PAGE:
- "If Pluto is not a planet, then Saturn and Jupiter should be considered protostars, don't you think?" Noam Winter, Facebook—2 May 2012No, I don't. I have an incredible feeling that that's not how that works. I saw your profile. You work at Verizon. I do not trust your science.So, how many things are there in our star system? The answer is one cubic ass-load (sciencey-term). Far beyond Neptune and Uranus lies the unseen Oort Cloud, an enormous debris field that marks the exact end of the Sun's gravitational control, roughly one light year out. But, before that, there's the Kuiper belt (rhymes with "viper"). It's much larger than the asteroid belt and filled with all kinds of things.
- The 2005 discovery of dwarf planet Eris and its moon Dysnomia, which orbit roughly three times farther from the Sun than Pluto (the farthest known natural objects orbiting the Sun), yet is 27% more massive, necessitated a more accurate classification and naming system, should more discoveries (likely) from the (incredibly dense) Kuiper belt follow.
- "A dwarf planet, as defined by the International Astronomical Union (IAU), is a celestial body in direct orbit of theSun that is massive enough that its shape is controlled by gravitational rather than mechanical forces (and thus anellipsoid in shape), but has not cleared its neighboring region of other objects. More explicitly, it is a planetary-mass object—having sufficient mass to overcome its compressive strength and achieve hydrostatic equilibrium—but not a satellite."Whatever, nerds. In English:The definition of a Solar planet changed in 2006 to mean something that1. orbits the Sun (seems obvious)2. has sufficient mass to become planet shaped (again, seems obvious), and3. has "cleared the neighborhood."That basically means the object in question is the dominant gravitational force in that space. Pluto is not.And, as sad as some of you people seem to think that is, it's so not the first time this exact situation has happened. Must you all neglect Ceres?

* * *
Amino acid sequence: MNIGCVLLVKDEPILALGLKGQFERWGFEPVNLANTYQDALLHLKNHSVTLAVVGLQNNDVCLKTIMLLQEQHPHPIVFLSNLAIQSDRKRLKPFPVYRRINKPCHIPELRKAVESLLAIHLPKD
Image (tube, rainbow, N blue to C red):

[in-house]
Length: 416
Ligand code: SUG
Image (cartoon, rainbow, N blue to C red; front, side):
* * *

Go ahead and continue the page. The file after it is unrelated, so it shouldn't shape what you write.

- In 1772, a planet between Mars and Jupiter was postulated because—and this is pretty good reasoning, actually—there is a lot of space there. In 1800, a team of 24 European astronomers were tasked with finding Ceres. What they actually found were asteroids. Just an unbelievable amount of asteroids. Which were called at the time (I'm assuming) "things."The term asteroid was later coined in 1802 to describe objects that appeared to be tiny stars, even through telescopes, but were evident to be otherwise, and was used also to label Ceres (discovered in 1801; they were so close!—if only those guys had looked one year later . . . just one year), and, well, the asteroids. Fortunately, Ceres enjoyed a mild "planetary association" for about half a century after the fact. And, though the 2006 International Astronomical Union classification labeled it a "dwarf planet," given that the term "asteroid" remains relatively undefined, Ceres is, technically, still an asteroid. Though it is the largest one. So that's one feather in its cap.